Ken Pollitz: Ken be nimble, Ken be quick


By Ken Pollitz - Guest Column



Born with flat feet and, as an added bonus, ones that made a vast impression every step I took, it was unlikely that the descriptive “fleet of foot” would ever characterize my movement through life. As a youngster, I’m sure I won a foot race or two, but there are no trophies, medals or blue ribbons in the attic to show for it.

I did have a brief stint competing at high jump in junior high school, but it was essentially a low-point in my athletic career.

As I gradually matured, I eventually grew to achieve the expansive status of thoroughly filling the inside of a pair of size 17 shoes. Presently, was I to tiptoe onto a scale, basically gravity-bound, I’d be hovering somewhere in the neighborhood of just north of one-tenth of a ton. Nobody ever called me a lightweight!

Whenever I drummed up the courage to take the dance floor, it tended to be for songs whose beat was akin to “Hey Jude” by The Beatles, or simply put, slow!

No wonder that at 6-foot-5 and gradually shrinking, and with a Medicare enrollment just around the corner, the orthopedic experts have highly recommended I refrain from running and jumping much with the grandkids. There exists little incentive for a hop, skip and any jump, it seems.

A swift exegetical study of the terse children’s nursery rhyme, “Jack Be Nimble,” would reveal some patronage to a 16th century English pirate named Black Jack. One might question the merit of bounding over a candlestick, but research revealed, it turns out, that Jack had a history of avoiding capture by authorities following any unlawful acquisitions on the high seas. Quick as a wink, he dodged the light and hid from arrest.

Apparently, over time, they made a game of it, and was anyone to scale such flickering heights at a market or fair, good luck was promised to follow.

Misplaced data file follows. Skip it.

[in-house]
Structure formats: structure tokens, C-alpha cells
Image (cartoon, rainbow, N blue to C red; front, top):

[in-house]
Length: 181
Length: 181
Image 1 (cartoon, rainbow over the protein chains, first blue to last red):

These days, however, and under close examination, I believe I may be experiencing a bit of a resurgence in the areas of nimbleness and quickness. In memory of the namesake of this historic poem, it could be, dare I say it, “in the cards” for me. I wouldn’t be at all shocked that others have even caught glimpses of an occasional “bounce in my step,” given the right set of circumstances.

It seems that whenever I now go to places where the masses tend to congregate, be they market or fair, I find myself noticing rather youthful exuberance. No one would mistake it for catlike quickness, but such displays of agility could easily be described as fluid.

Oddly enough, even though we’d all agree this pandemic has weighed heavily upon every one of us, it seems to have brought some unanticipated return of quick-twitch reflexes.

Who hasn’t, on multiple occasions, first extended a hand to greet someone and then deftly and artfully drew it back so as not to breach social distancing protocol? Almost at a subconscious level, I am able to then dodge the infraction and offer an elbow or fist bump in its place as if I intended such a gesture all along.

I can hardly keep track of the number of times I’ve gracefully pirouetted in the parking lot before entering some establishment having realized I left my face mask dangling from the rearview mirror of my automobile.

Making my way down some grocery aisle, I keenly catch, out of the corner of my eye, floor signage noting the “error of my ways” and seamlessly swivel, shopping cart and all mind you, in the other direction to safely “go with the flow.”

Early on in our global health threat, every store I entered was like its own version of “Supermarket Sweep” as I raced to be first to the toilet paper section, then the hand sanitizer, and finally, the household cleaners. These items, at the time, were more valuable and expensive as anything found in the meat department.

With the shortest checkout line clearly on the radar, and in hot pursuit, another quick glance downward, and I realize I’ve overstepped my bounds. The number “6” warning me, I perform a skillful two-step shuffle in reverse to await my turn.

As if I were a well-trained hospital nurse or doctor, I am easily diverted at a moment’s notice, to the left or right, to secure my hundredth application of hand sanitizer for the day.

Of no surprise, I’ve no plans to check my time in the 40-yard dash or measure my vertical leap, but there’s certainly been an uptick in my maneuverability.

Thankfully, along with Black Jack, I’ve safely navigated my way through the perils of treasure hunts, marketplaces and festivals. He did it with a patch over his eye, and I make it happen with a mask over my mouth and nose!

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By Ken Pollitz

Guest Column

Ken Pollitz moved to Ottawa in 1991 as mission-developer/pastor of New Creation Lutheran Church. His biweekly column provides insights and viewpoints from Putnam County. Contact him at pastorken@midohio.twcbc.com

Ken Pollitz moved to Ottawa in 1991 as mission-developer/pastor of New Creation Lutheran Church. His biweekly column provides insights and viewpoints from Putnam County. Contact him at pastorken@midohio.twcbc.com

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